Or the one over the ATM itself: "First Bank of Springfield. Misplacing Decimal Points Since 194.5"
Or maybe you were ducking in for a sandwich ("Every item guaranteed fresh or your money grudgingly refunded") and were oblivious to the fact that the traditional 7-Eleven red, orange and green had been replaced by sickly yellow and tan. After all, to patronize a convenience store you don't have to scrutinize it.
But surely, no matter how distracted you were, at the cash register you'd eventually realize that all the help in the store is smocked up exactly in the style of Apu Nahasapeemapetilon Jr., Ph.D., who as everybody knows is the proprietor not of the Bladensburg 7-Eleven but of the only convenience store in Springfield, U.S.A.
Run back outside and check out the storefront one more time. Ay, caramba! This is Kwik-E-Mart.
Yes, thanks to the miracle of cross-promotion, you have blundered into a parallel cartoon universe. For a brief moment, you are a Simpson. And it is sooooooo great. Grab a box of KrustyO's cereal, or a six-pack of Buzz Cola or an ice-cold Squishee. And then, for a taste of life imitating art imitating life, head for checkout, where there is no under-employed Indian immigrant named Apu on duty, but there is an Ethiopian immigrant named Getachew. ("They're asking me to say 'I Apu,'" he offers.)
There's also, naturally, a police cruiser out front, although the cop's not pigging out on pink-glazed doughnuts -- "on principle," he says. "We're a new generation of officer." The next-generation Chief Wiggum declines to provide his name, but does volunteer how much fun he had buying KrustyO's. So did Melissa Jones, a local teenager, who declared, unprompted, "It's Krusty-O-Licious!"
Yeah, it's a fun stunt -- in the service of the coming "The Simpsons Movie" and the 7-Eleven chain that for 18 years Kwik-E-Mart has been sending up. Yes, to quote Homer, it's "a wonderful, maaaaa-gi-cal" promotion that advances two businesses at once. And very, very well.
Granted, only a few thousand people are likely to personally experience each of the dozen Kwik-E-Marts in the U.S. and Canada, but the word-of-mouth on this event and the publicity are already enormous. Thousands of stories -- print and broadcast, local and national -- were produced within four days of the stores' transformation. All, no doubt, at less cost than producing one spot for one airing on "American Idol."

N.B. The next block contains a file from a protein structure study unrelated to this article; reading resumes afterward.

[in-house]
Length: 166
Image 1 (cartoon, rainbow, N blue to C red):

Not a lot of dough. And, therefore, not a lot of "D'oh!"
The obvious principal beneficiary will be 20th Century Fox, but the real credit goes to 7-Eleven for taking such an astonishing risk. Actually, there probably was no real risk, but the universal corporate mentality (outside of ESPN) is that permitting anything short of deification of the brand -- much less self-ridicule -- is tantamount to suicide. They've done expired-baby-food jokes on the Simpsons, for crying out loud. Permitting the world's foremost 7-Eleven satirists to satirize the brand with 7-Eleven money on 7-Eleven property is among the most courageous acts in marketing history.
The courage will be rewarded. If you wish to borrow interest, you could do worse than "The Simpsons," probably the greatest comedy in TV history. As Apu once said, "Thank you for knocking over my inventory. Please come again."
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